Friday, July 1, 2016

The Distinctive Ranch Homes of Hiawatha T. Estes

"Fifty-plus years in the same house," the ad for the estate sale read.


As more and more Baby Boomers and members of the "Greatest Generation" pass away, the danger increases that we will forget what they valued. One way to find clues about what was important to someone who raised a family in the post-World War II era, is to visit their estate sale.

Sometimes you have to really look for those clues -- notes and love letters, photographs and a grandchild's "refrigerator art," saved in a sock drawer or a scrapbook.  Military service uniforms. An old black Singer sewing machine in a purpose-built oak cabinet.

Other times, the evidence of what the older person valued is staring you right in the face as you walk up the driveway to the estate sale:

Their home, looking pretty much like it did when it was new.

The Southern California area I live in grew exponentially after the war.  Some of the houses built in the late 1940s were just big enough for the former soldier going to college on the GI Bill, his wife and their one child, with a single-car garage. By the 1950s and 1960s, though, the was demand for larger homes on larger lots, with larger garages.

The "Ranch Style" home met that need.

A quick search on the Internet tells me that Ranch Style houses were pioneered by architect Cliff May in the 1930s, who was influenced by the homes of the original Spanish settlers who built long, low houses with thick adobe walls and tile roofs, often in an "L" shape.  Southern California's relatively temperate climate also influenced his style; May erased the lines between "indoors" and "outdoors" with large windows, sliding glass doors, and patios.  Other architects' home designs followed suit.

Today these Ranch Style homes are still in many neighborhoods.  I found evidence of one of the best-known promoters of post-war housing at an estate sale a couple of weeks ago; Grandma had saved the 1950s brochures of Ranch Style floor plans offered by a man with the improbable name of Hiawatha T. Estes. 



Estes (1918-2003) was based in Northridge, California, part of the San Fernando Valley. Born in 1918 in Tishomingo, Oklahoma, Estes was a member of the Chickasaw Indian Nation. He graduated from the University of Oklahoma in 1940 with a degree in civil engineering, and served as an Air Force captain during World War II.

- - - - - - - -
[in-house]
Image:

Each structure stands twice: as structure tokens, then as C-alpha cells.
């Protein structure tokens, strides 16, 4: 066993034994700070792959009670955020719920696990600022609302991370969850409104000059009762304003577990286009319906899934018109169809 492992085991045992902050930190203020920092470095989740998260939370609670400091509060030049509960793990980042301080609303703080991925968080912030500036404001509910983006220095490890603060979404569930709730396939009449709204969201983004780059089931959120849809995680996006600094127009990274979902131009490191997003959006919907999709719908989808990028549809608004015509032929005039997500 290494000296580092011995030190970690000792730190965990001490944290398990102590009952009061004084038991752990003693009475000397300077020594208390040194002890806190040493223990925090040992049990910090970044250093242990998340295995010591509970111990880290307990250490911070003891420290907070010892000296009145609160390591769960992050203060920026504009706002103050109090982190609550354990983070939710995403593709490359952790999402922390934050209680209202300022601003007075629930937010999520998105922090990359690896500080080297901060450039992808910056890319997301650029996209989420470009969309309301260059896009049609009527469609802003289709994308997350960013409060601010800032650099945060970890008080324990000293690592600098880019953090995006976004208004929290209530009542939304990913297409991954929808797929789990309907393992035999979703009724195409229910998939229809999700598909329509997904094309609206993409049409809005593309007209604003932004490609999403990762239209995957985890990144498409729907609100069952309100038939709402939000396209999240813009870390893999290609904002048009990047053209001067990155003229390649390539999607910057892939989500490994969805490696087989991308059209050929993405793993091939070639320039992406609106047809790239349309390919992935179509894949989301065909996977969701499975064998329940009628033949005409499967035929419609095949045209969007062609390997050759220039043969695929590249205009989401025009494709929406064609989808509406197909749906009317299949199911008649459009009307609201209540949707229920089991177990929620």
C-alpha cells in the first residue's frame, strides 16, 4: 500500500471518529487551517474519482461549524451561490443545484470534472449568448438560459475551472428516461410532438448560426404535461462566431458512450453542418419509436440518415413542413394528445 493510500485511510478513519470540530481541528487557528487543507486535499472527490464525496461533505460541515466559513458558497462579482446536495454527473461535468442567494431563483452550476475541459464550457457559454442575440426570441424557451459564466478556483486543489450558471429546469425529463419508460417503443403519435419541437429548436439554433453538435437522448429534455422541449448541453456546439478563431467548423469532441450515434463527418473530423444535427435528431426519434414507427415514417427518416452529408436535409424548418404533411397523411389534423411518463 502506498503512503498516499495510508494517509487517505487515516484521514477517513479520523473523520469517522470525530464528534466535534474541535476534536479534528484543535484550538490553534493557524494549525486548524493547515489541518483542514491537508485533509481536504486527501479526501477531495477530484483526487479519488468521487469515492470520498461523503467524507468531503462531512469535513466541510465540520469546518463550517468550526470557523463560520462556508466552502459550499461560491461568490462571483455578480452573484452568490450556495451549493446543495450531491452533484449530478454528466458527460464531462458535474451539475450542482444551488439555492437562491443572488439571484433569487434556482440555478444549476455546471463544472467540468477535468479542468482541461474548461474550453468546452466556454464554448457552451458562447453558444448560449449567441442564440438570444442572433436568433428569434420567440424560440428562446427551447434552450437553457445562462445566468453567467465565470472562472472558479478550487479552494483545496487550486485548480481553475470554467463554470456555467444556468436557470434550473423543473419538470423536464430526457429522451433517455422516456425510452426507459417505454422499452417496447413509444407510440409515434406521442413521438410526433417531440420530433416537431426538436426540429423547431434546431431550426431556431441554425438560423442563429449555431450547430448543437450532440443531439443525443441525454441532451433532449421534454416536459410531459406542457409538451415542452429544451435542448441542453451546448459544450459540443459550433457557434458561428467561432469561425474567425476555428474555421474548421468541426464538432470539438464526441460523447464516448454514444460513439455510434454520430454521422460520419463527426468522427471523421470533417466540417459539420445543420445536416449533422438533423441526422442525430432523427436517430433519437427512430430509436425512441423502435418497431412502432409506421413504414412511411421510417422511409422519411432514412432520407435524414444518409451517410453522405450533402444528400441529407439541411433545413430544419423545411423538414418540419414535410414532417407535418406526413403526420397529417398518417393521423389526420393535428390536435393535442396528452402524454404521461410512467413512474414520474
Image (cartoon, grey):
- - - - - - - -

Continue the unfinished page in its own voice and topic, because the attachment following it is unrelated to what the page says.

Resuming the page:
Like so many other GIs, Estes moved to Southern California and got married. He and his wife started a business selling and promoting architectural house plans, which they operated for more than 30 years.  Estes also wrote a syndicated newspaper column which ran for many years in newspapers across the country.  The woman who saved his floorplan brochure, also clipped and saved some of his newspaper work.




The brochures of Estes' home designs showed houses small and large, to meet a variety of family needs.  The one-bedroom house below was less than 700 square feet.




A house with "oriental influence" was a little over 2000 square feet, with a huge patio.



In a Ranch Style floorplan, it's common to see the bedrooms all on one side of the house and the living room, dining room and kitchen on the other, as shown below.


 You can see many of Hiawatha Estes' floorplans here:
The Los Angeles Conservancy has a web page devoted to Ranch Style homes and neighborhoods:

https://www.laconservancy.org/architectural-style/ranch


You can read more about architect Cliff May here: 

http://www.ranchostyle.com/


Footnote: Neighborhoods change over time. Sometimes Ranch Style houses in California are remodeled because they've been badly damaged by earthquakes. Other times, though, they're torn down and remodeled, not of necessity but rather for the sake of ostentation and profit. Too often, charming old neighborhoods have been invaded by red tile-roofed Mediterranean-style (orange, bright coral or pink) and/or modern anonymous box-shaped slab-sided (brown or gray) "McMansions" that have no sense of the integration of "indoors" and "outdoors." Their multi-thousand square feet floorplans with multiple stories and five-car garages are squished onto a piece of land like an elephant in a bathtub; a lawn mower would barely fit between the side of the house and the fence, the front of the house and the sidewalk.  But a lawn mower isn't necessary here: the real estate "investor" (speculator) who bulldozed the vintage Ranch Style home and built the McMansion has installed artificial grass along the narrow perimeter around the house.

There's increasing backlash against McMansions in neighborhoods across the country. For one thing, a lot of them are Just Plain Ugly. And perhaps more people are beginning to realize that sometimes it's better to preserve and respect what we have, rather than destroy it forever for the sake of profit.

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